Hydraulic Oil Cleanliness
Good quality hydraulic oil is essential in any hydraulic circuit. A key parameter in determining the quality of your hydraulic oil is its cleanliness, or as it is sometimes refered to, the oil's particle count.
Why is Hydraulic Oil Cleanliness Important?
Hydraulic fluid is used as the motive power for many actuated valves, often in subsea applications. Integral to the actuator are components with small bores that can become blocked if the fluid has particles of debris within it. Clearing a blockage can be difficult, time consuming and very expensive, especially in subsea applications. Therefore it is common to specify that the hydraulic fluid used in the system is cleaned to a measurable degree of cleanliness e.g. NAS 6.
What are the Standards for Hydraulic cleanliness?
Measuring hydraulic cleanliness is not straight forward, consequently various standards exist on this subject. The two most likely to be encountered in the oil & gas, and process industries are The ISO Cleanliness Code (ISO 4406), and The NAS 1638 cleanliness standard.
An introduction to each of these allowable particle contamination standards is provided below.
The ISO Cleanliness Code, ISO 4406
The ISO Cleanliness Code, ISO 4406, 1987 is perhaps the most widely used International standard for representing the particle contamination level of industrial fluid power systems. Under ISO 4406 cleanliness is classified by a two number code, e.g. 16/13, based on the number of particles greater than 5 µm and 15 µm respectively in a known volume of fluid. However some manufacturers have expanded the code to three numbers by the addition of a code number representing the number of particles greater than 2 µm, e.g. 18/16/13. Using the ISO particle count table below, we can see that an oil with a cleanliness rating of 18/16/13 would mean that it contained
1300 - 2500 particles greater than 2 micron in size
320 - 640 particles greater than 5 micron in size, and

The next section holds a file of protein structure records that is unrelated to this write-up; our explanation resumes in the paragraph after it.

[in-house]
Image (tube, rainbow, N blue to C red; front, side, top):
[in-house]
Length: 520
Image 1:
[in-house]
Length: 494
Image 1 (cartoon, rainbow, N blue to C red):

40 - 80 particles greater than 15 microns in size.
The full table of particle count ranges for the ISO cleanliness code is shown in the ISO 4406 chart below:
The NAS 1638 Cleanliness Standard
The NAS 1638 cleanliness standard was originally developed for aerospace components in the US but is still widely used for industrial and aerospace fluid power applications. It is used widely in the UK North Sea industries. NAS1638 is comprised of fluid cleanliness classes, each class defined in terms of maximum allowed particle counts per 100ml for designated particle size ranges. See the NAS 1638 chart below for the various cleanliness levels:
Converting Oil Cleanliness Standards - ISO to NAS to ISO
Inevitably, there is a requirement to be able to compare these cleanliness classification codes. See the NAS vs ISO cleanliness chart below for a good approximation.
Note - The comparisons relate to particle count data only. To conform to any particular standard reference should be made to the recommended experimental procedure for hydraulic oil analysis and particle count test.
SAE AS4059 / ISO 11218
The SAE Aerospace panel developed AS4059 specifically for aircraft hydraulic systems. This subsequently became ISO 11218. It is unlikely you will encounter this standard in the process industries.
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